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The Whitestone Group, Inc. v. U.S. Department of Energy

United States District Court, S.D. Ohio, Eastern Division

March 31, 2017

U.S. DEPARTMENT OF ENERGY, et al., Respondents.

          Magistrate Judge, Kimberly A. Jolson



         This matter is before the Court on the cross-motions for summary judgment of Respondents United States Department of Energy and Dr. Ernest Moniz (collectively, the "DOE") and Petitioner The Whitestone Group, Inc. ("Whitestone"). For the following reasons, the DOE's Motion [ECF No. 25] is GRANTED and Whitestone's Motion [ECF No. 29] is DENIED.

         I. BACKGROUND

         Through this action, Whitestone challenges the DOE's final agency decision granting relief to Respondent Denise Hunter under the agency's Contractor Employee Protection Program. Whitestone, a DOE subcontractor, disputes the agency's determination that Whitestone fired Hunter in retaliation for her participation in protected conduct and was, thus, entitled to back pay and attorney's fees. A Hearing Officer in the DOE's Office of Hearings and Appeals ("OHA") made the initial agency decision. That determination was later upheld on appeal to the OHA Director and again on a petition for review by the Secretary of Energy.

         A. The DOE's Contractor Employee Protection Program (Part 708)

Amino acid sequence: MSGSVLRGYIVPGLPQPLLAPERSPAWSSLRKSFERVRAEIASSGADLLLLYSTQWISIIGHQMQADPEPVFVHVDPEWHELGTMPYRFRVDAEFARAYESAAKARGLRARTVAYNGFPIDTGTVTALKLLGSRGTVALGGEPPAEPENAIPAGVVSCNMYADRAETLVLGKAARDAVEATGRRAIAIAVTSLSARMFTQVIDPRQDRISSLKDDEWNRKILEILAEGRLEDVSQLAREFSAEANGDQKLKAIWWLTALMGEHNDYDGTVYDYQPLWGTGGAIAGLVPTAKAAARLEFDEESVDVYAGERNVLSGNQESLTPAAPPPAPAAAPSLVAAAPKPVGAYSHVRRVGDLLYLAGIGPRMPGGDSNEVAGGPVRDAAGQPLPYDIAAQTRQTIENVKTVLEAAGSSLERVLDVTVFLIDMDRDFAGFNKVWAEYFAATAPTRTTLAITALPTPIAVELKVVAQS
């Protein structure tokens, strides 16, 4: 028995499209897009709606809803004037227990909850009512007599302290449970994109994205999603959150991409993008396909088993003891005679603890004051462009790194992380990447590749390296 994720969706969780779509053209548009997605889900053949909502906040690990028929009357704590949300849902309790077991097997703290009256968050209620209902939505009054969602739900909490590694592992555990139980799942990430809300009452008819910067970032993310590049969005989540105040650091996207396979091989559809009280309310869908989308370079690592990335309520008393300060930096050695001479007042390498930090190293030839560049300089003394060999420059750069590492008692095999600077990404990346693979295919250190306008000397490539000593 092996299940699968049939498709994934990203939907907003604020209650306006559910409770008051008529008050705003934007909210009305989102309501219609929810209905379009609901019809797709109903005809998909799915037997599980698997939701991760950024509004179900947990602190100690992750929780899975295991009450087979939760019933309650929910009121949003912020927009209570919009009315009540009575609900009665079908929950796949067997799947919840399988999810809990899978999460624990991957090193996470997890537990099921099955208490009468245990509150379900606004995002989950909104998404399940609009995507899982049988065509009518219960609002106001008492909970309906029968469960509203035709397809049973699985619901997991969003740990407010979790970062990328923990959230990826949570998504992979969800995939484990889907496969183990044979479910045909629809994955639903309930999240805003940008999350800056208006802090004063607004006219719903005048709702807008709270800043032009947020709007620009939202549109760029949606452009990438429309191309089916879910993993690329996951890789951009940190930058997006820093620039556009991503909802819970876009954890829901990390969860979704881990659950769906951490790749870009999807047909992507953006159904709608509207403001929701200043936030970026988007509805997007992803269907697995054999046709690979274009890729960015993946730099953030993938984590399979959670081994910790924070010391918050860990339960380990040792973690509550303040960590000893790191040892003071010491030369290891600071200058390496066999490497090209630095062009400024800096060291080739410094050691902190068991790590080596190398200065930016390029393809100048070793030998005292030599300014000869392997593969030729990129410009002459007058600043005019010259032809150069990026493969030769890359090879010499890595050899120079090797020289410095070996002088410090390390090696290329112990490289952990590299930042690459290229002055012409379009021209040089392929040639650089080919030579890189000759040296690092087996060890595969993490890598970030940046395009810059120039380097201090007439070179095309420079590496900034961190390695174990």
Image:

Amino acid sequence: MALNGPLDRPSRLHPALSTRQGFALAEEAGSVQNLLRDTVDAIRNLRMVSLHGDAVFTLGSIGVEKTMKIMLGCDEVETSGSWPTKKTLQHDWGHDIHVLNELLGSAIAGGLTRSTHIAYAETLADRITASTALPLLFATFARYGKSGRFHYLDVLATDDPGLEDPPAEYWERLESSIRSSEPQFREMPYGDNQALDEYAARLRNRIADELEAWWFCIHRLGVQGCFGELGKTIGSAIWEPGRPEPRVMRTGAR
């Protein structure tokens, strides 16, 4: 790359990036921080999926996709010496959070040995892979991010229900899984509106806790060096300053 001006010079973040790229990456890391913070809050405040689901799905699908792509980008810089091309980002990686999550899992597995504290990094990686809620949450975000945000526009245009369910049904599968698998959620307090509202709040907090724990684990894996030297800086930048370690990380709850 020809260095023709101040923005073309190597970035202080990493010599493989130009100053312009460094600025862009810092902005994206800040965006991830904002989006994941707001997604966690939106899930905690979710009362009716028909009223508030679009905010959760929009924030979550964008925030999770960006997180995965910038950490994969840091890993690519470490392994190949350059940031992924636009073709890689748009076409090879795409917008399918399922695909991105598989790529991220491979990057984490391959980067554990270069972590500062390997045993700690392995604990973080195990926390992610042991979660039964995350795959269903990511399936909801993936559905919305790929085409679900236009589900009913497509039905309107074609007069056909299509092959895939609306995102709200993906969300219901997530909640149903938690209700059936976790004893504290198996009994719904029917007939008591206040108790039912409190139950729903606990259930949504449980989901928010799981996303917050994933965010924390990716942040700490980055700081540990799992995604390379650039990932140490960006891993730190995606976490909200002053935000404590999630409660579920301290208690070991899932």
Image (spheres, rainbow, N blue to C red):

The DOE established its Contractor Employee Protection Program, codified at 10 C.F.R. Part 708, to encourage contractor employees "to come forward with information that in good faith they believe evidences unsafe, unlawful, fraudulent, or wasteful practices" by giving them "protection from consequent discrimination by their employers with respect to compensation, terms, conditions, or privileges of employment." 57 Fed. Reg. 7533 (Mar. 3, 1992). Part 708 establishes the process by which the DOE considers and resolves allegations of retaliation raised by contractor employees. An employee must first file a complaint with the DOE alleging that she faced retaliation by the contractor for engaging in protected conduct. 10 C.F.R. § 708.1. As relevant here, a contractor employee's conduct is protected when she discloses to a DOE official information that she "reasonably believe[s] reveals ... [a] substantial violation of a law, rule, or regulation." Id. § 708.5(a)(1). Participating in an administrative proceeding conducted under Part 708 is also protected conduct. Id. § 708.5(b).